Flint-Like Problems in Virginia Wells

    Published: May 10, 2016

    Researchers Find Flint-Like Problems in Virginia Wells

    The water crisis in Flint, Michigan rages on under the scrutiny of the public eye after outcry over lead pollution and other issues was heard nationwide. Public officials have been quick to condemn the treatment of the water and the handling of the situation, but the path to cleaner water for the citizens of Flint has proven long and difficult.

    But drinking water full of contaminants isn’t unique to just Flint, and isn’t a problem that’s only developed recently. A team of researchers at Virginia Tech has been testing private water wells in the state as part of Virginia Tech’s Cooperative Extension since 2008.

    More than 20 percent of Virginians utilize private water supplies like wells for their home. The research team at Virginia Tech began testing these wells as part of an initiative to protect the citizens of the commonwealth from the potentially harmful contaminants found in poorly treated well water.

    What they found is harrowing – over 60 percent of the well samples tested contained contaminant levels above the federal standards for municipal systems according to The Roanoke Times. Among the sources tested, nearly 20 percent contained Flint-like levels of lead, and coliform bacteria were present in approximately 40 percent of the wells. According to Leigh Anne Krometis, a biological systems engineering assistant professor, there are “failing systems all around” Virginia.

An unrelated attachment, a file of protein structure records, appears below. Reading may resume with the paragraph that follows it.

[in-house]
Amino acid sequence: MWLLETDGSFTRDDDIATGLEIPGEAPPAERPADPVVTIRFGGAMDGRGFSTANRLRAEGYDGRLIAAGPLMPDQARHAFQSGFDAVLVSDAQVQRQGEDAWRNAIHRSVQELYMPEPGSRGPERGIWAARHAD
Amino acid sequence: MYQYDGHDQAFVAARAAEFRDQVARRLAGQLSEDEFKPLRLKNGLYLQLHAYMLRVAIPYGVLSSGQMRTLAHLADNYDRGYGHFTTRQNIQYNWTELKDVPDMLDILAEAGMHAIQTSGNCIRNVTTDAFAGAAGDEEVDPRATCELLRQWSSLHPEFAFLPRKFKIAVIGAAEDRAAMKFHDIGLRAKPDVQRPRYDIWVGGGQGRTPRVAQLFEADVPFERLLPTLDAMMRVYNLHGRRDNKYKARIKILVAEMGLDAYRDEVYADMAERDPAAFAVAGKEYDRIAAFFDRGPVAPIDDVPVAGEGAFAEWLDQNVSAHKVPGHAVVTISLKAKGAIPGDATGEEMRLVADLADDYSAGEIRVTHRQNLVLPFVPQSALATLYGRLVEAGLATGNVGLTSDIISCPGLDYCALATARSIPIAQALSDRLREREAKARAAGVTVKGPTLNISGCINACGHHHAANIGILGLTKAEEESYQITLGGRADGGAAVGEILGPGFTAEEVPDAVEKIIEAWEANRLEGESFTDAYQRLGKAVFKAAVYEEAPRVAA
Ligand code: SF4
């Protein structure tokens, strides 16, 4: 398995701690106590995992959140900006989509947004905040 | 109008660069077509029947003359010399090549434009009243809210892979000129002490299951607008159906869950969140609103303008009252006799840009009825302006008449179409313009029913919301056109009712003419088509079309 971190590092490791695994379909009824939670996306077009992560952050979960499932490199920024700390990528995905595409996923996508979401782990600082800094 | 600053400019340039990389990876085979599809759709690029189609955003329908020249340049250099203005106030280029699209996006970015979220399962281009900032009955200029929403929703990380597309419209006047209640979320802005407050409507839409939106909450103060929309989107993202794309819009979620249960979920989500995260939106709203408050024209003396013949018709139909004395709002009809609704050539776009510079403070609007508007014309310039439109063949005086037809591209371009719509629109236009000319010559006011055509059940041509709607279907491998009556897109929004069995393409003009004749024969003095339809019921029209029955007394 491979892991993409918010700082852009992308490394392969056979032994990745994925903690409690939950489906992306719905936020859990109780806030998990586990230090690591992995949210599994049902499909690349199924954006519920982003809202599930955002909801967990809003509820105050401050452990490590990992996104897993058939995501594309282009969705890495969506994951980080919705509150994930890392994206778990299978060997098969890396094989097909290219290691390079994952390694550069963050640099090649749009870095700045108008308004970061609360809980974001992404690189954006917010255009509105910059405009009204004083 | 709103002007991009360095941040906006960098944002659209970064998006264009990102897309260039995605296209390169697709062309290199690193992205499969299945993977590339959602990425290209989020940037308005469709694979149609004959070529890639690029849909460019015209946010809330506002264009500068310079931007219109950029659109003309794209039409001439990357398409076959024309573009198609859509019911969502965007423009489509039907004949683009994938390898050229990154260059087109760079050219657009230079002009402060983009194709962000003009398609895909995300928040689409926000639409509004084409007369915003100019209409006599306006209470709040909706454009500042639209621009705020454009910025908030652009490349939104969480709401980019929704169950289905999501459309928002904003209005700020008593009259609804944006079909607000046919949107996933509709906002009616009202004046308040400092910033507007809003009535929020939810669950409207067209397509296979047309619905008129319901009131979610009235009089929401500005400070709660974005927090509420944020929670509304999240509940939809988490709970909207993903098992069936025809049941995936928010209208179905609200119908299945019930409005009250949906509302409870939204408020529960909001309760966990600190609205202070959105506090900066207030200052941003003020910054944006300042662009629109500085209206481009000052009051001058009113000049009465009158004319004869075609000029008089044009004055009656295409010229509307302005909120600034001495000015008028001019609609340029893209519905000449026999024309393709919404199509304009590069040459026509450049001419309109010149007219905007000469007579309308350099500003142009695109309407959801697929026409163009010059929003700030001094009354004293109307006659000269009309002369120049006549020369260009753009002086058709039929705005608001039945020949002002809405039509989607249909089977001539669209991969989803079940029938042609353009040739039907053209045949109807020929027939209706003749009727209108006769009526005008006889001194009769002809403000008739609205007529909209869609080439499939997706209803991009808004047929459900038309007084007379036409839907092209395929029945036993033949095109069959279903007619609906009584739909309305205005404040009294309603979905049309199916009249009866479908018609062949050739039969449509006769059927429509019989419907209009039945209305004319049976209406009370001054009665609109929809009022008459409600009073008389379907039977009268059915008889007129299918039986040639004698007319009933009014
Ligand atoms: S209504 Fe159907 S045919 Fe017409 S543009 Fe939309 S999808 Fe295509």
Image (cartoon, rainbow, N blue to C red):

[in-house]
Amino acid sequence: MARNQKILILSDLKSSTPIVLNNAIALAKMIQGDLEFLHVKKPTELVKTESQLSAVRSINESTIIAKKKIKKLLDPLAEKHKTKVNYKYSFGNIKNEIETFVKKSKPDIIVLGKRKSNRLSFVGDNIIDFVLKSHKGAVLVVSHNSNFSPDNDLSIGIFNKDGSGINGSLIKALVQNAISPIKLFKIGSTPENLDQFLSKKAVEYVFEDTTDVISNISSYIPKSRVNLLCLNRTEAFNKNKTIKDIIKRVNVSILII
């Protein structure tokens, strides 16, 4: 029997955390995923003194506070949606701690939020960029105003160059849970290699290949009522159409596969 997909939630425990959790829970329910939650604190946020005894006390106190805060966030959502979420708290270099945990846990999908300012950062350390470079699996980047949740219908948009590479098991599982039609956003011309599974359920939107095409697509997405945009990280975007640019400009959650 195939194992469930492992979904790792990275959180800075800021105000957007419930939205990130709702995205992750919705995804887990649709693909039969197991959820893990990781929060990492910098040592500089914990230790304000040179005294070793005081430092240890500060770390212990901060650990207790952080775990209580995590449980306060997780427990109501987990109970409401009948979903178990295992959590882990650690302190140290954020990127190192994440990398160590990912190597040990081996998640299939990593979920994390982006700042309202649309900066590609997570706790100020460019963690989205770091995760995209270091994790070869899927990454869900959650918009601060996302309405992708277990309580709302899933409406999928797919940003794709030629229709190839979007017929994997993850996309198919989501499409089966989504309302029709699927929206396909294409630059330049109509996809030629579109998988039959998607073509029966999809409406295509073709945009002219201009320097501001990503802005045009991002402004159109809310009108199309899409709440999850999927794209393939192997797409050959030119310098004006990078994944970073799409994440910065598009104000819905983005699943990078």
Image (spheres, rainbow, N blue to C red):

The Virginia Household Water Quality Program works with the citizens of Virginia to educate them and keep their water well systems from failing and becoming irrevocably contaminated. Marc Edwards, the leader of Virginia Tech’s Flint Water Study group, says that the Quality Program is “doing a great service” for the people of Virginia.

    As one can see, however, drinking water contamination is more widespread than ever, even with such programs actively seeking to educate the public. According to a 2010 U.S. Geological Survey report, approximately 1.7 million people in Virginia depend on private wells to supply their drinking water. With no regulatory committee in place, wells can quickly become contaminated if proper treatment is not regularly administered.

    Erin Ling, senior extension associate and program coordinator, admits that many problems stem from the general lack of knowledge and understanding private well owners have of the treatment necessary to keep their wells optimally clean and contaminant-free. No municipal water infrastructure exists for the private well owners of Virginia, so neglect can spell disaster for the quality of their drinking water.

    You don’t have to live in Flint to unknowingly drink contaminated, harmful drinking water. For cities, towns, and private residences across America waiting is the ultimate risk. If you get your drinking water from a well or are concerned about the quality of the water in your home, contact a Pelican Water professional today.